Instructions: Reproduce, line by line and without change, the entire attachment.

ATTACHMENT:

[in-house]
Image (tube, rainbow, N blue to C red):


[in-house]
Image (tube, rainbow, N blue to C red):